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      Apr 26 2012: Knock on every door.
      Build a really strong reel.
      Create your own work.
      Never stop experimenting.
      Learn to tell a simple story (re: Pixar's Luxo Lamp)
      • Apr 26 2012: I have a student reel that i spent 7 months creating with the help of some very knowledgable professors, all worked for the Disney during the 2d animation years. I love to experiment with my work and pushing myself to increase my skills as a lighting artist and 3d animator. I would love if you gave my demo reel a quick look! www.wix.com/doubled1212/dustin-ursillo
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    Apr 26 2012: Your stuff reminds me of Shel Silverstein. Any influence there?
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      Apr 26 2012: Silverstein's stuff is great, but no influence there...
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    Apr 26 2012: Hi Julian! (I'm Stephanie from the TED-Ed team.) We loved your animation and Billy's Talk! Out of curiosity, how long did it take to complete the project?
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      Apr 26 2012: Thank you!
      Each piece took about four to six weeks, but they were worked on simultaneously so it's hard to say exactly...
  • Apr 26 2012: What is your favorite method for creating animations? And what are you're top softwares that you enjoying working with?
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      Apr 26 2012: I usually veer towards traditional "old school" animation...cel, stop-motion...and composite in After Effects, which itself is a great animation tool...
      • Apr 26 2012: What camera do you use? And during production do you use any software like Dragonframe or Stop Motion Pro?
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      Apr 26 2012: This stuff was done before Dragon Frame existed...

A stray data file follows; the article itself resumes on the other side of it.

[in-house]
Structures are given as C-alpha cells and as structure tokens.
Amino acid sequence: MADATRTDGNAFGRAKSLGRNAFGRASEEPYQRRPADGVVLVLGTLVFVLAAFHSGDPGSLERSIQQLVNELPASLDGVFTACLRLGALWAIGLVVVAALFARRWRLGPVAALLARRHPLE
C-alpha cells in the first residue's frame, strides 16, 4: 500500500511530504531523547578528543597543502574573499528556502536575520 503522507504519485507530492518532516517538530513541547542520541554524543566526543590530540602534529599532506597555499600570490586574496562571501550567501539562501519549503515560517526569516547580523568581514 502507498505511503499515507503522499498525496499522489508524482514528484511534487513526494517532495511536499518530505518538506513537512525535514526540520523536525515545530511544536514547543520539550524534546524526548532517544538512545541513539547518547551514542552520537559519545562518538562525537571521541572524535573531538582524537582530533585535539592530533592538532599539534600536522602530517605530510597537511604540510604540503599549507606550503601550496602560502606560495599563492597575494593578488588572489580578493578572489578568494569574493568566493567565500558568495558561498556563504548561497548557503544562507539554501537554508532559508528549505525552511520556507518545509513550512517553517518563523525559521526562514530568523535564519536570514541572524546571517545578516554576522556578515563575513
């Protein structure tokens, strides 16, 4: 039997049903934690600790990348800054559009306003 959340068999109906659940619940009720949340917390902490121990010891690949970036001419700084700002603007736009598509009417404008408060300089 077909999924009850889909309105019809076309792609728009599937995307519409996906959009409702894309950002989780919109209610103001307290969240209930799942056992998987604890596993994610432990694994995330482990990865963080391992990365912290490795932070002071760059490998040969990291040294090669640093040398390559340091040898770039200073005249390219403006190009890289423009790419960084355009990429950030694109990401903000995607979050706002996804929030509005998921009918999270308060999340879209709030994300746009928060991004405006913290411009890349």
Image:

These days we use Dragon and shoot on A Canon D5...
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    Apr 26 2012: I love them! Especially Forgetfulness. I'm very curious about the copyright agreement you and Billy came to? Can you explain how you went about getting his permission and what was his response to your animations?
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      Apr 26 2012: See below for how I ended up working on these poems...
      Billy Collins did finally send me a lovely e-mail a couple of years later that said gracious things about the pieces...

      The copyright for the animations is owned by J Walter Thompson who commissioned them.
  • Apr 26 2012: Your animation was interesting, a nice combination of stop motion and traditional overlaid. What program did you use to make it? i recently used to Flash to make an animated version of "The Love Song of J. Alfred Prufrock" http://www.youtube.com/watch?v=xpRSmMnx1MU

    What animators are you inspired by?
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      Apr 26 2012: Everything was composited in After Effects...but all the poems were using traditional animation methods...
  • Apr 26 2012: Julian, how did you get started in animation? Did you go to school for it? Have you studied a lot of traditional art too?
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      Apr 26 2012: Went to art school, also worked as a graphic designer before moving into animation...Trial by fire, learned as I went along...
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      Apr 26 2012: I only write poetry to my mum, my daughter and my wife...
  • Apr 26 2012: Who is the cutest, animation or poetry? How do they compete in your work?
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      Apr 26 2012: Animation is definitely the cutest.
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    Apr 26 2012: Hi Julian. I enjoyed your animated accompaniment to some of Billy Collins' work. 'Budapest' was particularly lovely. I have some questions regarding your feelings toward the synthesis of poetry and animation I would like to ask you if I may...